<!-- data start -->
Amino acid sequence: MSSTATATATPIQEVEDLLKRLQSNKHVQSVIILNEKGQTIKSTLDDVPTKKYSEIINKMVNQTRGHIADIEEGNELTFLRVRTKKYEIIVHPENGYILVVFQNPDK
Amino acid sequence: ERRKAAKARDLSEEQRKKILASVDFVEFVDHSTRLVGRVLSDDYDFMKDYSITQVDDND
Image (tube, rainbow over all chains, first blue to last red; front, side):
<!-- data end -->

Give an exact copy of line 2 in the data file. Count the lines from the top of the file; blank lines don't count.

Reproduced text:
Amino acid sequence: ERRKAAKARDLSEEQRKKILASVDFVEFVDHSTRLVGRVLSDDYDFMKDYSITQVDDND